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just for the record len, seeing as we've spent a lot of time on this....
redhat is now suing sco, essentially for mischief, for claiming ip when
so ip can protect what you've done, it can also, it is alleged, be used
as a threat and to manipulate the market
imho the w3c needs to be very careful about this binary business
i'd rather see the rdbms model where the external view (rows) and the
access method or api (sql) are are ascii and in the case of sql - a
standard; while the storage of data - possibly binary, and the
optimisers that go with it are as proprietary as you like with all the
ip and other stuff that suits
the important principle being that the data access and interchange are
not ip owned by any one company or individual
xml really should stay the same - the formats are public and specified.
if a company wants to develop and market a system for high speed
transfer of xml data between systems - good luck. if they want to
release a high speed xslt processor - good luck. if you want to offer a
publicly available service - then stick to the ascii, xml 1.0 and
fwiw i think standardisation in this area will only limit innovation and
increase the costs of participation for smaller companies and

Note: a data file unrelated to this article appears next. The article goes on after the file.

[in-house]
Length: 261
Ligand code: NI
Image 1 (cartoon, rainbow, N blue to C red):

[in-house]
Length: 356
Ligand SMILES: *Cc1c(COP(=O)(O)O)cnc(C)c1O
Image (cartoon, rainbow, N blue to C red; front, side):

On Wed, 2003-08-06 at 00:39, Bullard, Claude L (Len) wrote:
> Not quite.
> Sometimes the patented and open technolgies play well
> together and the licensing is paid for by the vendor.
> The end user gets the player for free, but the editor+codec
> may cost and again, the cost of licensing is bundled
> into that. That is how gif was handled. This stuff
> is a problem for open source groups, admittedly, so
> it is better to seek alternatives to licensing. The
> only thing one cannot do is ignore the patents because
> we are back to the indemnity problem. It is better
> to convince the patent holder that the market opportunities
> are better if open source is enabled. That is a
> sales job and not always an easy one.
> I am not concerned that firms patent IP as long as they
> play by the rules of the standards and specifications
> organizations when they make a submission, and hide
> no details that taint the products. XML binarization
> is an area in which patents exist. Ok. As long as
> submissions to the W3C or others fit within the policies,
> no problem. It will be a problem if the only acceptable
> solution is one that they will not submit under those
> policies. Then the organizations have to standardize
> an inferior technology or pay the tolls. Fortunately,
> there aren't many technologies for which acceptable
> alternatives aren't available, or that is the position
> some take.
> What one must have is a level playing field before
> the law.
> From: Rex Brooks [mailto:email@example.com]
> Somebody stick a fork in MPEG. It's done. In fact its way overcooked.
> Like a dinosaur brain that hasn't yet got the message that its dead
> yet. --courtesy dept of redundancy dept. Better yet, require it carry
> a poison warning symbol.
> Taps, please,
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